In August 2017 OMB announced a stay of these new collection requirements due to the burden imposed on businesses when weighed against the perceived utility of the data. In response, the National Women’s Law Center brought suit in the District Court for Washington, D.C., challenging the OMB’s basis for taking that action. On March 4 of this year, that court issued an opinion reinstating the pay and work hours reporting requirement, finding the OMB had acted arbitrarily and capriciously in eliminating the requirement. See National Women’s Law Center v. Office of Management and Budget, 2019 U.S. Dist. LEXIS 33828 (D.D.C. Mar. 4, 2019).

EEO-1 reports for 2018 however, are due between March 18 and May 31. Accordingly, this recent ruling and putative change in reporting requirements raise some significant concerns about the practical ability of employers to comply on such short notice. The EEOC’s portal for EEO-1 reports opened on Monday, March 18 without any reference to pay and hours worked data. The Commission stated that it is working diligently on complying with the court’s order and further information regarding pay and hours worked reporting would follow.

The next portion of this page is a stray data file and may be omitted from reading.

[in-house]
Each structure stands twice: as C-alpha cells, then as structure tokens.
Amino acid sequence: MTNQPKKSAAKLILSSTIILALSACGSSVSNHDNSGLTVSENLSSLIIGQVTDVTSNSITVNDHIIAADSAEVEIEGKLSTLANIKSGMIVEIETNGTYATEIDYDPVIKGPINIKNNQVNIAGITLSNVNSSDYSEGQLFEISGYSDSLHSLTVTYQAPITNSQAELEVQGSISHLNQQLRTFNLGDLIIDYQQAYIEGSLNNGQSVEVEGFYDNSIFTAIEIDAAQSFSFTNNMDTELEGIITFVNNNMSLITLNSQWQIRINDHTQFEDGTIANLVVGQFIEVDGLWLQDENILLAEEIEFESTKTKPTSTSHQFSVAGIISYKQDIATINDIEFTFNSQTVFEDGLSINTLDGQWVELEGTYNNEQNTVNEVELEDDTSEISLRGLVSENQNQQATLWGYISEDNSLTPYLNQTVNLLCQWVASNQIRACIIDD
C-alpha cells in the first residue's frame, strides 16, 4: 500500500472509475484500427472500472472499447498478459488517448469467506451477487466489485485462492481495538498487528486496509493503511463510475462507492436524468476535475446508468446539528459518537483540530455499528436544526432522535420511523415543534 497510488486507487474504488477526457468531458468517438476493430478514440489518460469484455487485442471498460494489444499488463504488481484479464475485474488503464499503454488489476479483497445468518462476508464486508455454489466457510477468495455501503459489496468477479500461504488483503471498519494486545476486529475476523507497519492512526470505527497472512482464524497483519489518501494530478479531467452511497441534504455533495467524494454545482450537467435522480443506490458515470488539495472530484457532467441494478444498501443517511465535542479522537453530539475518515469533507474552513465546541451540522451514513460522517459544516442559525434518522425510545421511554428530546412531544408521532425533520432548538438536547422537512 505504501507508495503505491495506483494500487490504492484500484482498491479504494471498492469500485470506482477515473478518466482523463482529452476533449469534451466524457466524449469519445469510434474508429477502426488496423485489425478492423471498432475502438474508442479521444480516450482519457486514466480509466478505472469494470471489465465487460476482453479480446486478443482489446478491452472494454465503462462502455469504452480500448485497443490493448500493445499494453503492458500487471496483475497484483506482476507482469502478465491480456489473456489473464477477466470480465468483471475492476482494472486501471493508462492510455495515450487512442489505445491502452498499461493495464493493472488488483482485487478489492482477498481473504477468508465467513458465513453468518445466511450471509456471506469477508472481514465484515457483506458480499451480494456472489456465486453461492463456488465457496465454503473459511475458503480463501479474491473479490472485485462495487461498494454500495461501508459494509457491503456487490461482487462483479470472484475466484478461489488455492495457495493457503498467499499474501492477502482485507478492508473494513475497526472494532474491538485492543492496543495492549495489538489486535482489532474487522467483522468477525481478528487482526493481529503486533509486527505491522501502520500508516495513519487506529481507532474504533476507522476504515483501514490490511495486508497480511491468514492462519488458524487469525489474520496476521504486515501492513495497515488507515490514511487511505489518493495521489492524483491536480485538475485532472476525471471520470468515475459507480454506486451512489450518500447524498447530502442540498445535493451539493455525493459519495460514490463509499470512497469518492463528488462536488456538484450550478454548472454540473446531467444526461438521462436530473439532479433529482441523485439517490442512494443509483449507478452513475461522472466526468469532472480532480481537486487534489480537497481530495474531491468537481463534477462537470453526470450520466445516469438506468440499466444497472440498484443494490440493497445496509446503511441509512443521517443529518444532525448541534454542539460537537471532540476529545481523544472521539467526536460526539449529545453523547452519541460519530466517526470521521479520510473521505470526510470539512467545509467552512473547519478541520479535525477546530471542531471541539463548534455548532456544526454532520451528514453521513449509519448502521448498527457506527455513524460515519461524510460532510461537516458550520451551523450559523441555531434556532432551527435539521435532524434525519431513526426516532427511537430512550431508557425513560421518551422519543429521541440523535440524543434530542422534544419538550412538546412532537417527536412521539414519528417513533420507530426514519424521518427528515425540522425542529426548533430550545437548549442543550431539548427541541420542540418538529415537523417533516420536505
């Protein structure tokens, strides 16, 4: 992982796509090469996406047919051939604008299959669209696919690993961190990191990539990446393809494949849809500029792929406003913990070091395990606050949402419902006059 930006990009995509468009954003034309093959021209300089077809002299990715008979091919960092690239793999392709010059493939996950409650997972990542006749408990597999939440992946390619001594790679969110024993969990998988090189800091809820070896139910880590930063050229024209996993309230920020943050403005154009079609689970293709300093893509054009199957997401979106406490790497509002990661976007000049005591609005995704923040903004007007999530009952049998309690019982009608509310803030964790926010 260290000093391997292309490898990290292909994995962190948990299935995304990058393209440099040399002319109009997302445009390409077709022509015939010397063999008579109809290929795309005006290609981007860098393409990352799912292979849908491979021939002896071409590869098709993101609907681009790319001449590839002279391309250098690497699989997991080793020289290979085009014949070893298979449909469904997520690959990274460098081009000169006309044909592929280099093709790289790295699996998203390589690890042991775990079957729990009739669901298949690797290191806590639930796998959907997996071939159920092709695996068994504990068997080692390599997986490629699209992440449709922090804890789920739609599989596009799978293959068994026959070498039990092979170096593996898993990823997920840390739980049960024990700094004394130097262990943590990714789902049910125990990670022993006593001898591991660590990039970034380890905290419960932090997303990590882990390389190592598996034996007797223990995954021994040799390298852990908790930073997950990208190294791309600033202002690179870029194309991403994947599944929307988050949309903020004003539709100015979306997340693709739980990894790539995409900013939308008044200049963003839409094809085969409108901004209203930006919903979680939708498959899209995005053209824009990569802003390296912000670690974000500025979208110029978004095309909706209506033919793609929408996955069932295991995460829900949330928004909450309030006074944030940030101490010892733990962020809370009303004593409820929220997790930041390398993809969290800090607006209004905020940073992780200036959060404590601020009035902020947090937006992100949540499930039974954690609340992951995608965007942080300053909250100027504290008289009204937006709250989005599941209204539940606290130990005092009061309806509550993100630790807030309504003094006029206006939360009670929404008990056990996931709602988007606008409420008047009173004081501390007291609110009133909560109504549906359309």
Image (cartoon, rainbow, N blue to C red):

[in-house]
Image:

While it is expected that the OMB will appeal the District court’s ruling, it is not clear at all whether that appeal will cause a stay of the reporting requirement for pay and hours information for 2018.

So questions remain: will employers have to provide this information in their 2018 reports and if so, when?

At a status conference on March 19, the District Court Judge issued an order that the Commission must explain by April 3 how it will implement the March 4 Order reinstating the collection of pay data. As such, we can expect some additional information from the Commission by then, as well as perhaps a notice of appeal from OMB.

FMG will keep you updated on activity by the Commission and the Courts. But employers should prepare now with a thorough review of their pay structures in order to identify not only any disparities that may raise red flags and draw increased scrutiny, but also to understand what legitimate, non-discriminatory reasons exist for their present pay practices.